Emanuel J. Comino OAM, is the founder and Chairman of the International Organising Committee – Australia for the Restitution of the Parthenon Marbles which was formed in Australia in 1981 to work towards securing the repatriation of the famous marbles. Mr Comino has been campaigning for 30 years throughout Australia and the world for the return of the marbles. The following article is adapted from an illustrated presentation given by Mr Comino to the Macquarie Ancient History Association in 2005.
It is now over 200 years since Lord Elgin, British Ambassador to Constantinople at the beginning of the 19th Century, arranged for the removal of many of the magnificent sculptures from the Parthenon in Athens to England, where they remain to this day. These sculptures, otherwise known as the Elgin Marbles, but better known today as the Parthenon Marbles – even by the British Museum and the British Government – belong to a unique building that still stands after wars, earthquake and plunder. Despite a mounting international campaign, the British government has refused to return the marbles to Greece. Their return is one of the most important cultural property disputes in the world today. When we speak of the Parthenon, we are speaking about the birth of civilisation, the birth of democracy and the symbol of Greece.
The Parthenon and its sculptures
The Parthenon, the Temple of Athena was built in 15 years between 447 to 432 BC by Iktinos, the architect and Phidias the sculptor. The man responsible for the project was the great Athenian statesman, Pericles who began a huge program of building works to give Athens the magnificence of a great imperial city. In these few years Greek literature, philosophy, architecture, politics – in fact the whole of the Greek civilisation – suddenly burst into flower.
Those of you who have visited Greece will have your own recollections of that magic moment when you walked up the Acropolis and saw the Parthenon for the first time. It is a Doric temple built entirely of white Attic Pentelic marble with a row of 17 elegant Doric columns on either side, eight at either end and a double row of six in the porches at each end. The internal eastern chamber or cella of the temple once housed a 12 metre-high statue of the goddess Athena wrought in gold and ivory. The Parthenon sculptures featured in the triangular pediments at each end, in the 92 metopes running the length of the temple on either side outside the building, and in the magnificent 160 metre long frieze high up on the interior of the building.
The pediment sculptures were huge statues in the round depicting the story of the quarrel between the goddess Athena and Poseidon over the naming of the city of Athens and the birth of Athena with all of the other gods looking on in amazement. The metopes were sculptures in high relief telling stories from Greek mythology, and the frieze, wrought in low relief, represented the ancient week-long festival of the Panathenaia. It consisted of 400 human and 200 animal figures.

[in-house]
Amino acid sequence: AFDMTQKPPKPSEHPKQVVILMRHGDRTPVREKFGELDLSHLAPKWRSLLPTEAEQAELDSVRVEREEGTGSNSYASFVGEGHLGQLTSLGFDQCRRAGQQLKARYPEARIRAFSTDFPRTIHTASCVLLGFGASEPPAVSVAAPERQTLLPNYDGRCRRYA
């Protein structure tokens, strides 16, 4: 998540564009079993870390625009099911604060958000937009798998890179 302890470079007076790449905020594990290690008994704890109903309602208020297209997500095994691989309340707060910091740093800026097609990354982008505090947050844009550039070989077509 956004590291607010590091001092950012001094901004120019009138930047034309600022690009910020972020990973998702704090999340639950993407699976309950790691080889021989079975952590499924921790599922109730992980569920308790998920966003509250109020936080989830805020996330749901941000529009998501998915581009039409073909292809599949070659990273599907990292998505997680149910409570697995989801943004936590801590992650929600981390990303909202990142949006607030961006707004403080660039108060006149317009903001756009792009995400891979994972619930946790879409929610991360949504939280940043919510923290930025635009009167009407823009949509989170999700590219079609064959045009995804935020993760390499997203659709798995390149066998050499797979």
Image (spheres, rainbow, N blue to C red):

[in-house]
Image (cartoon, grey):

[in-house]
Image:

Most of the statues from the pediments are now in the British Museum along with fifteen of the original 92 metopes. Many others were smashed during the removal of the sculptures. Of the original 160 metre long frieze, more than half is now in the British Museum. Huge 10 metre long saws that were used to cut and slice the heavy one-metre deep marble into sections in prepaartion for their transportation to London caused irreparable damage to the building and to the sculptures. One of the most magnificent marbles is of the great sculptor Phidias himself. The details of his eyes, nose, beard, lips, robes and muscles are all rendered to perfection; including the shades on the sculptured marble which in ancient times were coloured with reds, blues and golds.
After the classical period, the Parthenon became a Christian church and in AD 450 it was dedicated to the Virgin Mary. In 1204 the French occupied Athens and turned the Parthenon into a Catholic church and in 1458 when the Turks arrived, the Parthenon became a mosque. In 1674 (13 years before the explosions which damaged the building), a French artist visiting Athens made drawings of the Parthenon sculptures. These drawings provide important evidence of how well preserved the marbles were at this time and how well the Turks were looking after the Parthenon – despite later claims to the contrary. The first significant damage in 21 centuries occurred on 26 September, 1687 when the Venetian General Francesco Morosini laid siege to Athens. During the siege, a Venetian cannon hit the Parthenon and blew up part of the roof but the majority of the sculptures remained fortunately, intact.
After capturing the Acropolis, Morosini attempted to remove the statue of Poseidon in his chariot which formed part of the west pediment sculptures. However, as they were being lowered to the ground, the ropes holding them broke and the figures were smashed. One hundred and fifty years later, when Elgin was removing the sculptures, he missed seeing the torso of Poseidon’s body and that is why this magnificent piece is now in the Acropolis Museum and not the British Museum.These treasures were taken between 1801 and 1803 while Greece was under Turkish rule. Elgin’s main reason for taking the marbles was to decorate his Scottish mansion, not to save them from the ‘barbaric hands of the Turks’ as was claimed by the British Museum trustees and supporters. After Elgin returned to England in 1806 and after getting into financial difficulties, he eventually sold them to the British government, who in turn placed them in the British Museum where they remain today.